The music explosion concludes!
Anticipation is a tricky thing. Much like hype, it can make or break whatever it surrounds. I don’t think I can even count the number of times my anticipation of something has utterly ruined it. I had built it up so much in my head that when it finally came down to it, it was mediocre at best compared to my anticipation. However, the third and final day of DRILL LA managed not only to surpass my anticipation, but crush it outright.
The setup was a bit different than the first two days. Whereas Day 01 saw the entire night in The Echo and Day 02 saw overlaps between both The Echo and Echoplex, Day 03 had festival goers starting at The Echo and didn’t open up access to Echoplex until around just before Mild High Club began to play.
As such I got in place for Once and Future Band to kick off the evening. These Bay Area rockers took the stage modestly and then proceeded to blast out some of the catchiest prog pieces I’ve heard in recent years, outside of Steven Wilson. Most of the songs they played were from their recently released, and self titled, LP and they are quite deceptive. Beginning as quirky love (or anti-love) songs and morphing into technical masterpieces with jazzy hooks and psychedelic licks. They conjure the best elements of early seventies prog gods Yes, King Crimson, and Emerson, Lake & Palmer whilst still maintaining a bit of that quirky indie rock sensibility that (in my humble opinion) Bay Area bands seem to do better than anyone else.
Since I wanted to get a good spot for Youth Code and WIRE I skipped off downstairs as Mild High Club took the stage and found a lovely spot to shoot and watch from. I had some chit-chat with a couple of other photographers and festival attendees about the previous evening when Youth Code sauntered out. The room was not nearly full enough for the beginning of their set with most people still upstairs or outside smoking. Sarah Taylor eyeballed the crowd as Ryan George checked his rig and with a sarcastic “Dragulaaaa!” (an ongoing Rob Zombie-themed April Fools’ joke through the set) they launched straight into it. These two are some of the most active performers I have ever seen. Taylor stalks the stage jumping, kicking, and head-banging in between guttural death vocals that put most men to shame. She is fearless and she is powerful, a true sight to behold, and as if that weren’t enough George was equally active behind his rig, taking the mic for backing and dueling vocals with a fearsome intensity whilst customizing and running his booming synth patterns. Their chemistry is perfect and for that hour they owned Echoplex, and as has been the fashion for much of the festival, the audience finally copped to it and realized where they needed to be.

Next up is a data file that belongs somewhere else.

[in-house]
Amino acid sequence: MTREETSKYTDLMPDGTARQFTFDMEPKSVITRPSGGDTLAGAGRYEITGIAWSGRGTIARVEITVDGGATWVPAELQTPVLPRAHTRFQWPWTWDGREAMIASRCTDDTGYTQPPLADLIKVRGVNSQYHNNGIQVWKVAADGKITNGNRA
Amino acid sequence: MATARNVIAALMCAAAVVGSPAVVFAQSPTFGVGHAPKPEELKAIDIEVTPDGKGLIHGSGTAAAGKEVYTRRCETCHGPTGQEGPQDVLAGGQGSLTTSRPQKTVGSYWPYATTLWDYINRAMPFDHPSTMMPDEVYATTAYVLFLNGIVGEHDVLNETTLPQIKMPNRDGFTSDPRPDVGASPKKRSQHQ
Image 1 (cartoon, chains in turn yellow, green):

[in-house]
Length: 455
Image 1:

In contrast to the bombastic noisey attack of Youth Code, Julia Holter took to the stage to play a solo piano set of softly beautiful songs. Holter is one of those artists who makes it look deceptively easy, but watching her hands at work is mesmerizing. She brings a soft tenderness with her poetic story-like lyrics as well as a playfulness taking on the role of multiple protagonists. I’m not familiar enough with her music to know any of the song titles, but her performance definitely stirred me to seek out more of her music. It was a good breather in preparation for WIRE and her gracefulness was met with grand applause between each song.
The first thing that everyone noticed about WIRE’s set were the sheer number of extra guitar amps littering the stage. I counted something like 25 total amps (including the more obvious main rigs of the band) and remembered mention of The Pink Flag Guitar Orchestra, but we’ll get to that later. I’ve mentioned the humbleness of the musicians at the festival a number of times and WIRE is no exception to this. The band set up all their gear personally, Graham Lewis giving a couple of chiding jokes and winks about the setlist to us, while lead guitarist Matthew Simms casually noodled on his guitar checking through his pedals, and once preparations were complete they gave each other a confirming look before jumping straight into it opening with “Boiling Boy.” This began a fantastic 17 song set spanning their eclectic career, which is outside the norm for Wire, who historically abandon older material in favor of the new. For guys who have been gigging for 40 years, they had rejuvenating energy. Colin Newman took a moment to comment on the longevity of the band before pulling out “Three Girl Rhumba” from their debut album Pink Flag. The whole band was in fine form and as the set came to a close they invited out “the orchestra” a collection of maybe 20 or 23 guitarists from bands that had played through the weekend as well as local friends. It was a stunning sight to see the Echoplex stage overflowing with guitar players and they launched into an impressively loud rendition of “Pink Flag” led by Lewis and Newman. It was a true wall of guitar and it was stunning.
Thus ended a fantastic three days of musical discovery. A truly unique experience was had by all at this festival and I can only hope they’ll bring it back in the future. If anything, it would be nice to see more festivals of this nature popping up in the future.
All photos taken at The Echo and Echoplex © Oliver Brink 2017.